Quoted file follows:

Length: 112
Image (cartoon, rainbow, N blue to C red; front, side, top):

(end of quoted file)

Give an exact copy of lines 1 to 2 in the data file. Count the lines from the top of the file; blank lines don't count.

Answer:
Length: 112
Image (cartoon, rainbow, N blue to C red; front, side, top):